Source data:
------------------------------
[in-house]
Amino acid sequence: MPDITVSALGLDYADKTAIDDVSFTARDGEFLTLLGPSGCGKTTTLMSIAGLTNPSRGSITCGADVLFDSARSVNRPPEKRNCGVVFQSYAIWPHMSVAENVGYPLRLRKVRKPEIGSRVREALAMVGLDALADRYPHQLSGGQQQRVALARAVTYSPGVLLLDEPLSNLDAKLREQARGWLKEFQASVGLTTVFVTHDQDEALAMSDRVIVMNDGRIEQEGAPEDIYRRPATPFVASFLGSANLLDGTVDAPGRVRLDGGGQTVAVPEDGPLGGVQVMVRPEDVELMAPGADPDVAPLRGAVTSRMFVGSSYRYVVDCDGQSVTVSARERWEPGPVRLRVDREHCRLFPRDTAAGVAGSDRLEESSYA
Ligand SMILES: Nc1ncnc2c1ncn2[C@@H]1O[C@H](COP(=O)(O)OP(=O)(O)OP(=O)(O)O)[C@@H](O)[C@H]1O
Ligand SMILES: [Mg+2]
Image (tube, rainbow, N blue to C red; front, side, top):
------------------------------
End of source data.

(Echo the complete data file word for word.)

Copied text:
[in-house]
Amino acid sequence: MPDITVSALGLDYADKTAIDDVSFTARDGEFLTLLGPSGCGKTTTLMSIAGLTNPSRGSITCGADVLFDSARSVNRPPEKRNCGVVFQSYAIWPHMSVAENVGYPLRLRKVRKPEIGSRVREALAMVGLDALADRYPHQLSGGQQQRVALARAVTYSPGVLLLDEPLSNLDAKLREQARGWLKEFQASVGLTTVFVTHDQDEALAMSDRVIVMNDGRIEQEGAPEDIYRRPATPFVASFLGSANLLDGTVDAPGRVRLDGGGQTVAVPEDGPLGGVQVMVRPEDVELMAPGADPDVAPLRGAVTSRMFVGSSYRYVVDCDGQSVTVSARERWEPGPVRLRVDREHCRLFPRDTAAGVAGSDRLEESSYA
Ligand SMILES: Nc1ncnc2c1ncn2[C@@H]1O[C@H](COP(=O)(O)OP(=O)(O)OP(=O)(O)O)[C@@H](O)[C@H]1O
Ligand SMILES: [Mg+2]
Image (tube, rainbow, N blue to C red; front, side, top):